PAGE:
Love is an action.

Maurice McDavid

by | 06.18.20

Maurice McDavid is an educator in Illinois. Follow him on Twitter @princmcdizzle.

Looking around at my fellow educators, I’m heartened by the movement that is happening right now. I’m impressed by the willingness of educators to be bold and courageous and direct. To speak the truth about racism, even if they get pushback. It’s incredibly encouraging. Remember, though, that this has to be sustained. We can’t allow this moment to just fade away. 

Being an anti-racist educator means taking action, and that action begins with self-work. We have to start by recognizing and addressing bias in ourselves. Beginning this work can be as simple as having the humility to say, “I’m willing to learn something from my students.” Having the humility to acknowledge, “If my students tell me about an experience that is outside my own experience, I’m not going to write it off. I’m not going to say, ‘No, that didn’t happen,’ or ‘Maybe you’re seeing it wrong.’ I’m going to take my student’s word at face value, and really listen.”

It’s critical that we prepare to make social justice a part of our practice when we’re next with our students – whether we’re meeting in Zoom classrooms or face-to-face. We have to be prepared to talk, even if sometimes all we can say is that we don’t have all the answers. And self-work – reflection and learning and listening – has to be underway before we start any of this work with students. The fact that we’re now heading into summer gives us a chance to dedicate some time to self-work.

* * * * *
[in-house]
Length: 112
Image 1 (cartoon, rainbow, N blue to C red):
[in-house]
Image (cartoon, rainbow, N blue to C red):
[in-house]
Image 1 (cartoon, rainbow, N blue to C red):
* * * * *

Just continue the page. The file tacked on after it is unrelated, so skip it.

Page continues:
I’m challenging myself to step up to another level of anti-racist work. I’m challenging myself to another level of boldness – to call out the systemic things that we have just let be in the past, as part of the status quo. We are at a place right now where we can no longer just sit and say, “I love my students.” Loving our students is powerful. It’s important. But love is an action. It’s a verb. We love our students, and it’s time for us to act. 

Here are some resources your fellow educators are sharing as they engage in self-work:

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